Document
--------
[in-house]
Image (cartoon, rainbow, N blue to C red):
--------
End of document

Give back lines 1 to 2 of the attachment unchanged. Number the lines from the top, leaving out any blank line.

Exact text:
[in-house]
Image (cartoon, rainbow, N blue to C red):